One of the most overlooked benefits of learning a second language is the underlying linguistic knowledge that is acquired. Since the acquisition of native languages is such an involuntary process, many of the rules of language form and structure are not consciously understood as much as they are naturally accepted. When an individual is faced with the challenge of learning a language later in life, the process is much a much more conscious, academic, and theoretical one.Rules, structures, and forms are identified and committed to memory while the learners work to incorporate those new structures into their linguistic repertoires. The act of identifying structures and forms in a new language goes a long way towards being able to recognize similar aspects in the learners native language. Often, the process of learning a new language actually improves the learners understanding of their native language as well.
Learning a new language develops your oral and written skills - even in your native language. These are among the first skills at which employers look. Increased activity in international business, government and tourism has created a need for improved understanding and communication. The number of careers that require a major in a foreign language is increasing. Insight into a particular culture and capacity to learn languages will interest employers in a variety of fields including education, social work, health services, business, banking, insurance, advertising, travel, publis hing and public service. Starting salaries for students graduating with proficiency in one or more foreign languages are at least 20 percent higher than for students who speak English only.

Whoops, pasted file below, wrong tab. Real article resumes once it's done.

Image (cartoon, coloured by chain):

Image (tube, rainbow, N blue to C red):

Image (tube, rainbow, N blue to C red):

•Training in foreign languages is essential forjobs with multinational companies, in theU.S. Foreign Service and numerous othergovernmental agencies.•With a minor in TEFL (Teaching English as aForeign Language), youll be prepared toteach English as a foreign languageoverseas.
Once you have decided to learn a language, you may not be quite sure which language to choose. To some extent, your choice depends on your reasons for learning a language. For example, if youd like to communicate with as many people aspossible, learning such languages as Mandarin Chinese, Spanish, French, Russian or Arabic would enable you to do so.
Theres a wide range of materialsand tools available to help you with your language studies, including language courses, dictionaries, grammar books, phrasebooks, online lessons, mp3 players and electronic translators.
Finding time to learn a language can be quite a challenge. You may think that you dont really have enough of it, but its surprising how many spare moments you have during a typical day, and how they can add up to a useful amount of study time.
After choosing a language, you can start thinking about how youre going to study it. For popular languages like French and Spanish, theres a wealth of materials available. For lesser-studied languages, the choice can be more limited. If courses are available in your area, it might help you to attend them, or you may prefer to study on your own, or to have individual lessons.